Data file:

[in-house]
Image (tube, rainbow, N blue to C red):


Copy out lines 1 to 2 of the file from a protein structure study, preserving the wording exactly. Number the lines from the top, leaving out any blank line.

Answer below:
[in-house]
Image (tube, rainbow, N blue to C red):